Getting Plugged In

To maximize your productivity you'll want to explore the hundreds of third party Eclipse Plugins. These will work with ColdFusion Builder. Some of these are for SVN integration and other languages such as C/C+, Java, php (we don't use that right?), PERL, Bash Shell scripting and so much more. See the Eclipse site to learn more about plugins.

Eclipse has a built in installation tool for getting and updating plugins. Most creators of plugins have Update Sites for their plugin which you simply configure ColdFusion Builder to use.

For ColdFusion Builder in standalone mode you will need to do one thing first before installing third party plugins.  The following steps are copied straight from the fine documentation provided by Adobe.  (Btw, the following steps are pretty much the same steps you take to install any ColdFusion Builder or Eclipse plugin. Just substitute your plugin of choice in step 5.)

Install third-party Eclipse plug-ins

ColdFusion Builder provides integration with third-party Eclipse plug-ins that let you extend or customize your development environment.

  1. In Adobe ColdFusion Builder, select Help > Software Updates > Find And Install.
  2. Select Search For New Features To Install.
  3. Click Add Site.
  4. Click New Remote Site.
  5. Enter the name and URL of the plug-in to install. For example, to install Subclipse version 1.0, enter the following URL: http://subclipse.tigris.org/update_1.0.x (visit the Sublipse website to get the correct update site url)

          Note: When you install a third-party Eclipse plug-in to a standalone ColdFusion Builder installation, to ensure that the plug-in installs correctly, add the Ganymede Update Site URL http://download.eclipse.org/releases/ganymede (or an equivalent Eclipse update site URL).
  6. Select the plug-ins and click Install.
  7. Click Next and follow the instructions in the Install wizard. If you are prompted to select mirrors for the installed plug-in, select a mirror from the list of mirrors. The mirrors are listed by geographic locations. You can select a mirror nearest to your geographic location.

          Note: The required plug-ins are automatically selected from the Ganymede Update site. If you see an error message about a missing required plug-in, select the appropriate plug-ins.
  8. Click Finish.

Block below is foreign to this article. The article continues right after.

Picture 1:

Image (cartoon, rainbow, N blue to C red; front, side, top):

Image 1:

One of the nice things about ColdFusion Builder is that it includes so much to start with that there are really very few extra plugins that I need. My preferred plugins are Subclipse for SVN access and Mylin bridge integration. (There are many sources on the internet to accurately describe and learn about Mylin so I won't even try.) I also do a fair amount of PERL and Bash Shell scripting. So I use the EPIC Perl and Shell ED plugins.

This should have you sitting with a brand new shiny ColdFusion Builder installation with SVN integration and your code integrated into projects.

Getting SVN

Since many more of us are using Subversion I'll briefly go into the Subclipse plugin. If you already had code checked out chances are when you created your project(s) above you pointed the project at your SVN checkout. Now that you have Subclipse installed you simply need to right click on that project and choose “Team > Share Project” Subclipse will instantly notice your hidden .svn files and alert you that the project is already shared and ask you if you want to connect your project to the Subversion Repository.  Just say Yes.  In a few seconds or minutes depending on the amount of code checked out, you'll see your project has SVN Icons indication the state of files and folders.  You now have access to checkout, update and commit code. In addition you have built in file version compare, SVN history, SVN console to monitor your SVN commands and responses, revision annotation, blame, branching, tagging and pretty much all the rest of your Subversion controls.

Conclusion

At this point you should be ready to start working.  If you've never used an Eclipse based IDE I really suggest visiting the Eclipse.org web site and watching their videos.  I managed to muddle my way through without the videos so odds are you can too, but the videos will make the process go faster.